We all know about independent variables, and dependent variables. Probably even learned about moderator variables, control variables and intervening variables. Have you heard of confounding variables? Variables over which you have no (or very little) control. They present as a positive or negative correlation with the dependent and independent variable. This spurious relationship plays havoc with analyses, program outcomes, and logic models. You see them often in social programs.
Ever encounter one? (Let me know). Need an example? Here is one a colleague provided. There was a program developed to assist children removed from their biologic mothers (even though the courts typically favor mothers) to improve the children’s choices and chances of success. The program had included training of key stakeholders (including judges, social service, potential foster parents). The confounding variable that wasn’t taken into account was the sudden appearance of the biological father. Judges assumed that he was no longer present (and most of the time he wasn’t); social service established fostering without taking into consideration the presence of the biological father; potential foster parents were not allerted in their training of the possibility. Needless to say, the program failed. When biologic fathers appeared (as often happened), the program had no control over the effect they had. Fathers had not been included in the program’s equation.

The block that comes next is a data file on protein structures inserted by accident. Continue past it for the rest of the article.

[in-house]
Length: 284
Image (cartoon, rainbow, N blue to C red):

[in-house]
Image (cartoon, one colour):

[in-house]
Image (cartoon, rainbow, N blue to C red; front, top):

Recently, I was asked to review a grant proposal, the award would result in several hundred thousand dollars (and in today’s economy, no small change). The PI’s passion came through in the proposal’s text. However, the PI and the PI’s colleagues did some major lumping in the text that confounded the proposed outcomes. I didn’t see how what was being proposed would result in what was said to happen. This is an evaluative task. I was charged to with evaluating the proposal on technical merit, possibility of impact (certainly not world peace), and achievability. The proposal was lofty and meant well. The likelihood that it would accomplish what it proposed was unclear, despite the PI’s passion. When reviewing a proposal, it is important to think big picture as well as small picture. Most proposals will not be sustainable after the end of funding. Will the proposed project be able to really make an impact (and I’m not talking here about world peace).
I attended a meeting recently that focused on various aspects of diversity. (Now among the confounding here is what does one mean by diversity; is it only the intersection of gender and race/ethnicity? Or something bigger, more?) One of the presenters talked about how just by entering into the conversation, the participants would be changed. I wondered, how can that change be measured? How would you know that a change took place? Any ideas? Let me know.
A colleague asked whether a focus group could be conducted via email. I had never heard of such a thing (virtual, yes; email, no). Dick Krueger and Mary Ann Casey only talk about electronic reporting in their 4th edition of their Focus Group book. If I go to Wikipedia (keep in mind it is a wiki…), there is a discussion of online focus groups. Nothing offered about email focus groups. So I ask you, readers, is it a focus group if it is conducted by email?